The Coolest Caves in the World

From Patagonia to China, these natural and man-made caves are unbelievable

When you take a look at the world on a map, it seems there isn’t much left to discover. There are, of course, the depths of the ocean that are still largely unexplored and perhaps some parts of the poles haven’t yet been seen by human eyes, but other than that it seems that we’ve found almost everything else—until you consider the caves.

These structures are incredible feats of nature and man and many of them are still being discovered today. No one found the Cave of Crystals until 2000 and no one has been able to explore the whole interior due to its extreme heat and humidity. Better yet, the largest cave system in the entire world was just discovered in 2009—and there could be an even larger cave out there, no one knows for sure. These incredible earthly features are being unveiled and explored all the time.

Though you may not be able to visit and get inside some of these caves, they are definitely worth a look. From Patagonia to China, these natural and man-made caves are unbelievable. Check out the 10 coolest caves in the world.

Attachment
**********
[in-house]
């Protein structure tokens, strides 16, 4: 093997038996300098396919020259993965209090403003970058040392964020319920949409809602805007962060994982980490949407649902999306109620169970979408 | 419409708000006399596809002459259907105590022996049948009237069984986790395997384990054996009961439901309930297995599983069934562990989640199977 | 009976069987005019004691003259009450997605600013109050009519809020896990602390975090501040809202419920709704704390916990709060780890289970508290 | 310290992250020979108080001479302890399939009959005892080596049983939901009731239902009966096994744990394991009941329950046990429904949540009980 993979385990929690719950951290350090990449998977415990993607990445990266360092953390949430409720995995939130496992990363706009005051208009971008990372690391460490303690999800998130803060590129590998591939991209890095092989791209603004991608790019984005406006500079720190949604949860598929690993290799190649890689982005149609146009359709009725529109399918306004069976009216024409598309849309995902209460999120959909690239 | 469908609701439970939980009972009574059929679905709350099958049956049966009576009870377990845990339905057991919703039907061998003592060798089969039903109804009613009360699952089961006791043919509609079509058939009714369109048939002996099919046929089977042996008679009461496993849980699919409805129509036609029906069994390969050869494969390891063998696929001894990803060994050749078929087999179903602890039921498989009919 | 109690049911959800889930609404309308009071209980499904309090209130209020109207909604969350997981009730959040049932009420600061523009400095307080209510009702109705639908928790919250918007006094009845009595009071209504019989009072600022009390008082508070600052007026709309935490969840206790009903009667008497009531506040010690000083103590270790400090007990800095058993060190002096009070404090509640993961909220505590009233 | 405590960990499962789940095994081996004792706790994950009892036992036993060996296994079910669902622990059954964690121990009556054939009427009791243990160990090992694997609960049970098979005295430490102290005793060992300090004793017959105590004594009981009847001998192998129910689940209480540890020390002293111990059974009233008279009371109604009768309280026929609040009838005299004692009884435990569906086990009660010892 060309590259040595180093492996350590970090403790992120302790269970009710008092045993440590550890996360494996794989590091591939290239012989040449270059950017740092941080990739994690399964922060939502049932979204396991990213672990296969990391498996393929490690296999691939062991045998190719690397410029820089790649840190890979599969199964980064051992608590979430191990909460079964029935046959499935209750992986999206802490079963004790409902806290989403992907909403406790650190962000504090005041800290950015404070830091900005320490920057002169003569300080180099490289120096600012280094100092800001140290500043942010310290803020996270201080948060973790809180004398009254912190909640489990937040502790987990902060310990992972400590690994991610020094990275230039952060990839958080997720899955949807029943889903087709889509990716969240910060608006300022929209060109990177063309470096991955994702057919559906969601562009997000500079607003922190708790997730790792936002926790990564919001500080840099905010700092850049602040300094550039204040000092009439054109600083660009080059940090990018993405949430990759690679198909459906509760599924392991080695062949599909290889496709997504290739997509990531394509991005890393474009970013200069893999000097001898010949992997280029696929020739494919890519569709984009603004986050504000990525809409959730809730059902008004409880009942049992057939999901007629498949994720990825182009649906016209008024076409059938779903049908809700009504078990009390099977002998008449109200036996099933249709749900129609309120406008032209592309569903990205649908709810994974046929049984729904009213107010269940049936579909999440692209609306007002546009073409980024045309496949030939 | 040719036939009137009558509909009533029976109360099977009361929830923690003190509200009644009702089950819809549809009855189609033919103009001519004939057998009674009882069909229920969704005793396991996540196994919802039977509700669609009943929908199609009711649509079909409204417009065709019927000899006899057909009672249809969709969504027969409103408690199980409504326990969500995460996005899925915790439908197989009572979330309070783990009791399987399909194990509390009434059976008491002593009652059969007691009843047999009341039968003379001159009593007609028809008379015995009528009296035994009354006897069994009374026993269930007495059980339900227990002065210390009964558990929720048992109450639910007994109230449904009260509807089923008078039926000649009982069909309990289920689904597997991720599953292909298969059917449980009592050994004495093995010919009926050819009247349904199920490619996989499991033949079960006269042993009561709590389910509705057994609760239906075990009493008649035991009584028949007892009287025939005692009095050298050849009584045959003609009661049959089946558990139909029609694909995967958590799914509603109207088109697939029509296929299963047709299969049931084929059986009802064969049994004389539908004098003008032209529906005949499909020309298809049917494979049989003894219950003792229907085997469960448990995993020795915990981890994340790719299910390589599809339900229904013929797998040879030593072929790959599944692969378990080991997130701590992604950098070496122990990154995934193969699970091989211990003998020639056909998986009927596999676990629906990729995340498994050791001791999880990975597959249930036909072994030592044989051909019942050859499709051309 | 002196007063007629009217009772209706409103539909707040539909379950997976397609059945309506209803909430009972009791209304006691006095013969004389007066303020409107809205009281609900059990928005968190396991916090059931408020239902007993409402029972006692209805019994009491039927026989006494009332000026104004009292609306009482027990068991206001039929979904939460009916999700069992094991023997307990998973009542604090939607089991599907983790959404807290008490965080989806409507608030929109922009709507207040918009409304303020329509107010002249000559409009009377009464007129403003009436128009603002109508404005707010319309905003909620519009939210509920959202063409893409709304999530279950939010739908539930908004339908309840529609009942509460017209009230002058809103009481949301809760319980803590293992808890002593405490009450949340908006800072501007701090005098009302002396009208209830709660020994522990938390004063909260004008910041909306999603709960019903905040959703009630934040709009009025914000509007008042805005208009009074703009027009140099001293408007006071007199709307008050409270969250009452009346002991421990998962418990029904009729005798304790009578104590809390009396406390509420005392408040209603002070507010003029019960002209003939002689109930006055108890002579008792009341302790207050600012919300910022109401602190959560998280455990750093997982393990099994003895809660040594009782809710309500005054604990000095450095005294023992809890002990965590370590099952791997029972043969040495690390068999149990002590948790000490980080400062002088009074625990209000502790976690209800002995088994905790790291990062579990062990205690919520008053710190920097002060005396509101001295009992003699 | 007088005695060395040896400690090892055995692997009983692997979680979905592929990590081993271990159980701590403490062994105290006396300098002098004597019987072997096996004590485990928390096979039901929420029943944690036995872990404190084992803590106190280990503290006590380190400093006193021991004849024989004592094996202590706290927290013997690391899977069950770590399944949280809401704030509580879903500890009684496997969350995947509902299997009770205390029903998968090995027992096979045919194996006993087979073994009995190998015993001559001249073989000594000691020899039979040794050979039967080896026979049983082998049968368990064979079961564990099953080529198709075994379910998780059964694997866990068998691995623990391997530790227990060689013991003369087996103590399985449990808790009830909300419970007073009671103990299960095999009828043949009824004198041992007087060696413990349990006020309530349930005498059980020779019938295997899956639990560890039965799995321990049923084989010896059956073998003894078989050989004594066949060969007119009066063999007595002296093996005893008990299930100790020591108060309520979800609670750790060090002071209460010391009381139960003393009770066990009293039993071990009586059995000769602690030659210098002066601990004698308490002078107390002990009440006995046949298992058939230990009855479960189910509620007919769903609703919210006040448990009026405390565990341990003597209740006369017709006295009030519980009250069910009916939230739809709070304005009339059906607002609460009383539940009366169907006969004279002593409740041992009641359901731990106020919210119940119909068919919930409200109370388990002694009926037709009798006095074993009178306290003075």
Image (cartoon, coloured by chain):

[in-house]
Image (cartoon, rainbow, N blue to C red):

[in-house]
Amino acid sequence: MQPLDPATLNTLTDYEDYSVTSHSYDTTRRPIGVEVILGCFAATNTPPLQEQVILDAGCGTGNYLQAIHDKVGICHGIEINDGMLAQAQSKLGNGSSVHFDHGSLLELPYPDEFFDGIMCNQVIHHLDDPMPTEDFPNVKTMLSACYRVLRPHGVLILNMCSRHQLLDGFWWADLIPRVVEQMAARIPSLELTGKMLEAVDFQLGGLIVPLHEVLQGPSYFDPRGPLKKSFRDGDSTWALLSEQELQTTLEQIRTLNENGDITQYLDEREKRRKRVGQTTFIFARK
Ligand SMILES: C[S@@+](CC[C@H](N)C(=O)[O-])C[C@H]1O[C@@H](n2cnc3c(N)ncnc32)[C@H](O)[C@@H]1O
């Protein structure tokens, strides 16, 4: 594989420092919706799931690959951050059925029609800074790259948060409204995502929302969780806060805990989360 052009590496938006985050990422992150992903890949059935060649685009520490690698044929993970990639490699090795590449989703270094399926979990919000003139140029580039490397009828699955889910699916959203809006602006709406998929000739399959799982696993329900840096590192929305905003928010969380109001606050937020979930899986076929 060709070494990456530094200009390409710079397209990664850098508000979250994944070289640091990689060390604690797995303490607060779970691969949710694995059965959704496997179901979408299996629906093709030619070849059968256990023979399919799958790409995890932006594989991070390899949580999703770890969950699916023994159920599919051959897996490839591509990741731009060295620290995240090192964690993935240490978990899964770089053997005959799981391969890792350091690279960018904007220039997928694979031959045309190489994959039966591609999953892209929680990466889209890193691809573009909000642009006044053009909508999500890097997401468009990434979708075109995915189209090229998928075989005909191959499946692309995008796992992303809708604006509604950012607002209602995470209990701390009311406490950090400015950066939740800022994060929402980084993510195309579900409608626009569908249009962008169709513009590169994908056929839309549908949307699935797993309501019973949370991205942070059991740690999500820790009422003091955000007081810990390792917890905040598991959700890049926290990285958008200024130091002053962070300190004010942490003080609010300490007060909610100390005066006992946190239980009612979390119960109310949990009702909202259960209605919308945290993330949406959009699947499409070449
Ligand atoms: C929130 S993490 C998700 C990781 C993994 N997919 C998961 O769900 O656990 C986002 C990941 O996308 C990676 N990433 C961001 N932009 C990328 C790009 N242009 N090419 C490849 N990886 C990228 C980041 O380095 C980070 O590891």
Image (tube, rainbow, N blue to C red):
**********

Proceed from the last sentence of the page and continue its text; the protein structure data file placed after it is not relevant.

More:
Tham Lot Cave—Soppong, Thailand

This cave system in northern Thailand is home to bats, swifts, a stream and gigantic rock formations. To explore the limestone cave, which is one of the biggest in the country of Thailand, you must hire a guide who will bring a lantern. No one is allowed to venture in alone, but with the gas lamps, it doesn’t get too much more authentic than this. Branch off from the main chamber into one of three side chambers by way of a ladder and explore the depths of this cave.

Marble Caves—Patagonia, Chile

Out in in the turquoise waters of General Carrera Lake sits 5,000 million tons of marble, elegantly shaped by nature into caves. Viewing the caves in person is a far more beautiful experience than looking at any photo, but getting there is more difficult than you can imagine. After a series of flights into the city of Coyhaique, you’ll need to drive another 200 miles and then board a boat, which will get you to the caves.

Click here to see more of the world's coolest caves.


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